Blue Bottle Chemistry Demonstration


The blue bottle chemistry demonstration is a color change demo in which a blue liquid turn clear and back to blue. (Photo by Chokniti Khongchum)

The blue bottle reaction is a classic color change chemistry demonstration. It interests students in chemistry, introduces the scientific method, and illustrates oxidation and reduction (redox reactions) and chemical kinetics. The reaction starts as a blue liquid which becomes colorless and returns to its blue color.

Materials

The usual materials for the Blue Bottle chem demo are:

  • 8 grams potassium hydroxide (KOH)
  • 10 grams dextrose
  • Methylene blue solution (0.25 g methylene blue in 1000 mL water)
  • Water
  • 500-mL flask with stopper

You can make substitutions for the chemicals. In place of potassium hydroxide, you can use another strong base, such as sodium hydroxide (NaOH). Glucose may be used in place of dextrose. Several redox indicator dyes can be used instead of methylene blue. These include indigo carmine (green-red-green), resazurin (Vanishing Valentine), thionine (purple), or FDC Blue #1 (Gatorade and drain cleaner Blue Bottle demo).

Procedure

The base solution (NaOH or KOH) can be prepared in advance, but it’s best to add the sugar and methylene blue just prior to the demonstration.

  1. In the flask, dissolve 8 grams potassium hydroxide in about 300 mL of water.
  2. After the solution has cooled, add 10 grams of dextrose.
  3. Add about 1 mL of methylene blue solution to the flask and stopper it. The ideal volume produces a solution that turns colorless upon standing, but becomes blue when the flask is shaken. If necessary, add more dye dropwise to achieve the desired effect.
  4. For the demonstration, shake the flask so that the solution is blue. Allow it to rest to turn colorless.

Exploring Chemical Kinetics

The Blue Bottle demonstration may be used to explore chemical kinetics. One variation on the demo is two use two 500-mL flasks, one with 2.5 g NaOH or KOH, 2.5 g glucose or dextrose, and 1 mL methylene blue and the other with 5.0 g NaOH or KOH, 5.0 g glucose or dextrose, and 1 mL methylene blue. Stopper and shake the flasks to start the reaction and compare the effect of concentration on the rate of the chemical reaction. Temperature also affects rate of reaction. KOH or NaOH solutions may be placed in hot and cold water baths before adding the sugar and methylene blue.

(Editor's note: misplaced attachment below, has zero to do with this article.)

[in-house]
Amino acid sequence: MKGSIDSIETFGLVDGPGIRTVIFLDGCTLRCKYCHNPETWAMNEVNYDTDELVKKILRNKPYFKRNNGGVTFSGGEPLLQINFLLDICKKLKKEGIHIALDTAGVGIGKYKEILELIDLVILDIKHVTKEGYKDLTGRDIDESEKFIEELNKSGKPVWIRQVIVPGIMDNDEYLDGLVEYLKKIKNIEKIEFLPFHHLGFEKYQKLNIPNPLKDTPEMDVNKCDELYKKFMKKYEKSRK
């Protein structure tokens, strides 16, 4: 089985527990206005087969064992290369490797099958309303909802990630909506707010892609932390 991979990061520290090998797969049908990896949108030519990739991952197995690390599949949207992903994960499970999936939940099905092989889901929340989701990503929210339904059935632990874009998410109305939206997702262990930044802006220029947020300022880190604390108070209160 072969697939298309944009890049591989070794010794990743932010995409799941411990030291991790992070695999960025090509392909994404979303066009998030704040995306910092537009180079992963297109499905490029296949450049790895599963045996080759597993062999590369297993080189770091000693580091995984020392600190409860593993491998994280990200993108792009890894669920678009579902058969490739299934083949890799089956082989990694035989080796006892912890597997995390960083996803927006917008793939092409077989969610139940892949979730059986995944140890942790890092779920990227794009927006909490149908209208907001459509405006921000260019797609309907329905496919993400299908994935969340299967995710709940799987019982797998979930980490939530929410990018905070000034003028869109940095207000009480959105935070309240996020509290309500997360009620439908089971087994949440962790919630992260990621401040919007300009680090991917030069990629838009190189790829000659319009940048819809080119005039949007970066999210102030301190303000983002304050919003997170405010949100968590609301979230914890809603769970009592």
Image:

Temperature affects the rate of reaction in the Blue Bottle demonstration. Left to right is cold to hot. (Dhup Bhukdee)

How It Works

Blue Bottle chemical reaction
This is the redox reaction in the Blue Bottle chemistry demonstration. (Dhup Bhukdee)

Students can appreciate the blue bottle reaction and make predictions about its behavior if temperature or reactant concentrations change without understanding the chemistry. However, the reaction is well-studied. Dissolved oxygen oxidizes glucose to form gluconic acid. The sodium hydroxide converts gluconic acid into sodium gluconate. Methylene blue acts as an indicator, but also speeds the reaction by serving as an oxygen transfer agent. As it oxidizes glucose, methylene blue is reduced to form colorless leucomethylene blue. Shaking the stoppered bottle introduces fresh oxygen into the solution and reoxidizes methylene blue, returning it to its blue form. While the color change is reversible and the demonstration may be performed many times, eventually the solution turns yellow or brown.

Safety and Disposal

Avoid contact with the strong base and its solutions. Sodium and potassium hydroxide are caustic chemicals, capable of producing a chemical burn. As always, it’s best to wear safety goggles, gloves, and a lab coat (or similar forms of protective gear). The reaction neutralizes the base, so it’s safe to pour the solution down the drain. If you want, you can neutralize any excess base using a weak acid (e.g., vinegar) before disposal.

References

  • Dutton, F. B. (1960). “Methylene Blue – Reduction and Oxidation”. Journal of Chemical Education. 37 (12): A799. doi:10.1021/ed037pA799.1
  • Engerer, Steven C.; Cook, A. Gilbert (1999). “The Blue Bottle Reaction as a General Chemistry Experiment on Reaction Mechanisms”. Journal of Chemical Education. 76 (11): 1519–1520. doi:10.1021/ed076p1519
  • Limpanuparb, Taweetham; Areekul, Cherprang; Montriwat, Punchalee; Rajchakit, Urawadee (2017). “Blue Bottle Experiment: Learning Chemistry without Knowing the Chemicals”. Journal of Chemical Education. 94 (6): 730. doi:10.1021/acs.jchemed.6b00844

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